Anaheim United Methodist Church

Emergency Preparedness

  We want everyone to be safe at home, work, play, and here at church.
These pages offer information that can help you safely endure emergency situations.
Continue reading below for information to help you be prepared for an emergency situation.  Then...

Click on these Websites for general Emergency Preparedness information (you will leave our website):


What should you do if a major
earthquake strikes while you are in our Church Sanctuary?

There are not enough doorways for us all to stand under, and besides the doors are dangerous glass.  Trying to get outside or walking any distance during a quake is not safe or recommended. 


The safest place is probably the pew bench you are sitting in.

  • Lay down on the bench, so the back of the pew is higher than your body.
  • If you are able, get on the floor under the pew.


After the Earthquake is over, the pastor and ushers will decide if evacuation is necessary, and if so, will direct you to the safest exits.  (Remember the two exits on either side of the altar.  We don't normally use those, but they are available, if safe.)  If you or someone near you needs assistance, be sure to let the ushers know.


What should you do if an earthquake strikes while you are in other areas of the church? 

Normal earthquake response procedures should be followed: 

  • Get under a table, desk or other sturdy object.
  •  Lay down next to a sturdy object larger (taller) than you (a couch for example).
  • Stand in a doorway.
  • If you are outside, get away from buildings, tall trees, wires and objects.
  • Stay away from unsecured bookcases, tall cabinets, etc.

The church has several emergency Earthquake Response Kits in place around the facility. 


If everyone knows what to do in the event of an earthquake, we can all work together to make sure we stay as safe as possible.

Dennis Gray

by Rebecca Whitfield


AUMC has recently purchased three AEDs (Automated External Defibrillator) for use on the church campus. What is an AED, and why is it important that we have one available for our congregation? The AED is a portable device designed to be used by the lay person to diagnose and treat cardiac dysrhythmias (abnormal heart rhythm) that can lead to sudden cardiac arrest.  In cardiac arest, the heart is no longer pumping blood to the vital organs of the body.

To understand dysrhythmias it helps to understand how the heart’s internal electrical system works. Each beat of the heart is initiated by an electrical stimulus that starts at the top of the heart and moves downward to the bottom of the heart. This electrical stimulus cases the cardiac cells to contract and pump the blood out of the heart to the body. If something happens to this electrical stimulus there is no contraction of the cells and no blood is pumped—cardiac arrest.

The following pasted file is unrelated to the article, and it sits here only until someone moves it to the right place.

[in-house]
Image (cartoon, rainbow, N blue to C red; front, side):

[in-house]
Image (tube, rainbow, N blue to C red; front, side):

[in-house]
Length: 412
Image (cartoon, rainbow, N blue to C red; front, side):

Time is Tissue!  If this condition is not corrected, tissue in the vital organs begins to die. Every minute without treatment decreases the survival rate by 7 percent. The AED will diagnosis the abnormal rhythm and tell the operator what to do to treat the problem. It is helpful to learn how to use the AED and how to do CPR but it is not necessary. Someone who is untrained can use the AED and save a person's life!

Recently some of our ushers and other church members received Heart Saver and first aid training. Dave Owen, Jim Fackiner, Mike McCune, Virgil Enoch, Nancy Baldwin, Craig VanSant, Lee Strohm, Donna Vestre, and I attended a class where we learned how to do CPR and use the AED. These dedicated volunteers will be our “first responders”! Remember, anyone in the congregation can use the AED. We hope and pray that we will never have to use these devices, but if they are needed they will be available for anyone to use and can be lifesaving.

Be Prepared at Home . . .

Please make some time to make simple plans, stock some extra water, food, and know where your camping equipment is. Have a stockpile of water, food not only at home, but also a small amount in your cars along with a change of clothes and walking or hiking shoes in your cars.  Make sure you have a good flashlight in your car, and a good flashlight TAPED to the side of your bed.  In case of a night quake, you will not be able to safely go and "find” a flashlight in the dark and possible rubble. Remember no candles or matches until you are sure there are no gas leaks in your home, or the area. 

Have your "out of state" phone contact number on your cell, and make sure all of your kids know it as well.  In a large quake, local phones may not work for days, but calls out of the state may work faster.  If cell phones don’t work, try a “landline” phone.  Have this "out of state" person coordinate where you and your family are, and if a meeting place is needed, to set that up.  In a major disaster, there may be no government assistance for several days.  Properly preparing yourself and family is vital.

The Red Cross provides great information on Emergency Preparedness...

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